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Recovery Continues Across New England After Storm

Several days after a powerful storm tore through New England bringing severe wind and flooding damage, recovery is now getting into full swing. Damage from wind and particularly flooding is extensive and will likely be a weeks to months long process to pick up the pieces. Here are the latest developments.


Power outages currently sit at about 47,500 as of 11am. This number is down from a peak of about 743,000 Monday evening. Restoration to a "vast majority" of customers is expected to be completed by Saturday night. Only remote areas and severely flooded areas in Maine will likely take longer. New England's five other states have completed restoration.



Power crews from across the country and Canada have descended upon Maine to help with restoration efforts. The University of Maine in Farmington is housing over 100 of these crew members in the school's gym. The American Legion is providing meals for linemen. In the wake of the outages, at least 16 possible carbon monoxide poisoning cases have been identified in Maine, thankfully, all cases have been non-fatal.



As of Friday morning, five river gauges in New England remain at flood stage. All five are in Massachusetts and Connecticut. The Connecticut River in Middle Haddam remains at moderate flood stage, but should drop from that status by Friday afternoon. At its peak, over 50 river gauges reached flood stage across all six New England States.


River gauges still in flood stage as of 10:30am Friday:


Over the following days, at least a dozen river gauges would reach major flood stage. Several rivers, mostlly in Maine and New Hampshire, saw a top five highest crest. The Kennebec River at Hallowell, the Piscataquis River at Blanchard and the Swift River at Roxbury set new all-time highs.


This led to one of the worst floods in Maine's history. The United States Geographical Survey has been on the ground surveying the flooding. They concluded this flood was likely the second worst flooding event in the state's history. This has led to extensive damage that will, in all likelihood, cost hundreds of millions of dollars.


Photo credits: NECN, Billian Moments Photography


With flood waters receding, the damage is becoming more clear. With that, Maine residents have been asked to begin to document and submit storm damage to the state. This is the next step in securing a federal disaster declaration and FEMA aid. Maine is currently under a state of emergency. Rhode Island also declared a disaster emergency this week.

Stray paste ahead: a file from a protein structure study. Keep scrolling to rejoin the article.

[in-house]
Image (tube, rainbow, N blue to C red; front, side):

In Maine alone, over 100 roads and nearly 36 bridges were closed due to wind damage or flooding shortly after the storm. As of Thursday evening, 41 roads 18 bridges remained closed in the state. Significant road damage occurred across the state, as well as into New Hampshire, where Route 302 has been shut down for several days.


Road damage in Newry, Maine


During the week, evacuation orders occurred in multiple Maine towns and cities including Casco, Naples, Auburn, Lewiston, Lisbon, Augusta, Brownville and Fairfield. Moretown, Vermont also saw an evacuation. All these evacuation orders have since been lifted. Numerous water rescues happened across New England on Monday and Tuesday.


The death toll from this storm in New England has risen to five throughout this week, with four of them occurring in Maine. These tragedies occurred from both wind damage and flooding.


Ski resorts across New England took a beating during the storm from flood damage, wind damage and massive snowpack loss amid record high temperatures and pounding rain. Ski Resorts forced to close include Cranmore, Attitash Mountain Resort, Loon Mountain, Wildcat Mountain, Waterville Valley Resort, Sunday River, Sugarloaf, Pleasant Mountain, Lost Valley and Saddleback Mountain. All these resorts have either reopened, or plan to reopen this weekend. Some, like Sunday River, are reopening on a limited basis this weekend.




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